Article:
Instructors: Dr. Kostas Kapparis and Dr. Jennifer Rea
Course Goals: This course will investigate the ways in which ancient authors use the power dynamics behind Roman and Greek conceptions of gender and sexuality to make statements about how sexual mores and customs were perceived in antiquity and how this perception influences our modern understanding of male and female roles. In particular, through a systematic study of how the subjects of literature, politics, law, religion and medicine conceptualized and defined the terms masculine and feminine, this course will investigate how ancient Greek and Roman cultures engaged in a discourse on sex and gender roles in their societies. Comparisons with the past and practices in other societies will serve as reference points in order to allow the modern student to re-evaluate his/her own perceptions and views of these matters.
McClure, Laura (ed.) Sexuality and Gender in the Ancient World.
Brantenberg, Gerd Egalia’s Daughters: A Satire of the Sexes.
Selections from: Homer’s Iliad, Vergil’s Aeneid, Sophocles’ Antigone, Plato’s Symposium, Aristophanes’ Thesmophoriazousai, Sappho (selected poems), Aeschines’ Against Timarchos, Cicero’s Pro Caelio and Kostas Tachtsis’ The Third Wedding.
Three In-class Examinations
Two In-class "Minute" Papers
(This syllabus is a work in progress and is subject to some changes before the start of the semester)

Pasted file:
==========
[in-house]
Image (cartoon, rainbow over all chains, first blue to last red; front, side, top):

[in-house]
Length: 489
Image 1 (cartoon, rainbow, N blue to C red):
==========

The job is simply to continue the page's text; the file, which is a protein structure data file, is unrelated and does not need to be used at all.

1. Sex and Gender within Cultural and Social Rites of Passage
Female initiation into adult life
Male initiation into adult life
Reinforcing gender roles
2. Men Conforming to the Stereotype
Constraints on male behavior
Legal duties and obligations for men
Greek kyrios and Roman paterfamilias
3. Women Conforming to the Stereotype
Childbirth and motherhood
Women and Religion
4. Transgressing the Gender Lines: Manly Women, Girly Men
Amazons in Greek Myth
Women in Greek Tragedy
Widows in Athenian Law
Shaving and Abstaining from the Gym
Suetonius and feminine trends of Roman emperors
5. Breaking the Rules: Courtesans and Adulterers
The adulteress in Greece and Rome
The ‘obedient’ wife of Isomachos
The ‘good’ courtesan of New Comedy
6. Classical and Contemporary Views on Sex and Gender
Redefining sex roles
Finding the female voice
Gender as an inclusive category